All Criminology students complete coursework in the humanities, social sciences, natural sciences and mathematics, as well as required classes in writing, foreign language and quantitative reasoning. Exposure to these building blocks of a sound liberal arts education help prepare you for success and give you important perspectives into the human condition.

Some students also choose to add to their understanding and employability by pursuing a double major in Sociology, Philosophy, Political Science, Psychology, Linguistics or other disciplines. Your advisor can help you decide if that is the right choice based on your abilities and interests.

Hofstra also offers a minor in Criminology, which can be an asset to those previously mentioned majors. Some Criminology majors choose to complement their studies with a minor in Forensic Science.

Recent Alumni Outcomes

Hofstra's Criminology students are prepared for a variety of career paths, including counseling and victim services, financial and insurance fraud investigation, human rights advocacy, forensics, justice administration law, national security and private investigation. Some choose to work in research and policy development in their quest to prevent violence and crime. They also graduate ready to pursue advanced degrees in law, social services, and criminal justice.

Recent graduates of Hofstra's Criminology program are actively employed in a variety of government and corporate settings, including:

  • Federal Communications Commission
  • Buckley Theroux Kline Petraske Law firm
  • Direction for Our Youth
  • U.S. Pretrial Services
  • NYC Teaching Fellows
  • Prudential Insurance

Our students also have gone on to graduate and professional programs at prestigious institutions across the country including:

  • New York University
  • Boston University
  • Fordham University
  • Duke University
  • Villanova University
  • Thomas Jefferson School of Law
  • University of California, Davis
  • University of Miami
100% job, grad school or both
88% accepted a job within six months of graduation
$46K median salary
Get More Info on Program Outcomes

Hands-On Learning/Internships

Students in Class

We place a high value on internships at Hofstra, and this is especially true in the Criminology program. You will have the opportunity to explore prospective career paths, obtain real-world insights, learn general workplace skills and make valuable professional contacts — all while earning college credits.  Our students' internships have often led to full-time jobs with the same employer, or in the same area of business or government.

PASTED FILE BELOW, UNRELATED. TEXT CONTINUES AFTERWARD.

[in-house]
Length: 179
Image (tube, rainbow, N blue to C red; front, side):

Internships within the Criminology Program involve working side-by-side with professionals in law, social work, and corrections, and developing professional connections in those fields. Every semester, the Criminology Program offers credit-granting positions in the specialized courts of Nassau and Queens Counties, focusing on areas such as mental health and drug courts, family courts, the domestic violence and sex crimes prosecutorial units, and the Nassau County Department of Probation. The program also has connections with local nonprofit community organizations dealing with issues of community violence interruption, rehabilitation, immigration, and domestic violence. Students interning for these organizations learn valuable advocacy, counseling, mentoring, organizational, and presentation skills, which are crucial for working with issues of crime and justice in the nonprofit and social work sectors.

Examples of internship opportunities available to criminology students:

In addition to coursework, research opportunities and potential internships, many of our students also take full advantage of Hofstra's broad array of organizations and activities, such as the Center for Civic Engagement, CSI Hofstra, and the forensic science club.


Professor Liena Gurevich, director of Hofstra's Criminology Program, and Professor Margaret Abraham, an expert in the field of domestic violence and former president of the International Sociological Association, talk about the study of criminology and the strengths of Hofstra's program.